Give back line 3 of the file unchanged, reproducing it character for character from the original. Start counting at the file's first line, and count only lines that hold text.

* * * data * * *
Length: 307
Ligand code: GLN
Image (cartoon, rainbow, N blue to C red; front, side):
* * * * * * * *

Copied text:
Image (cartoon, rainbow, N blue to C red; front, side):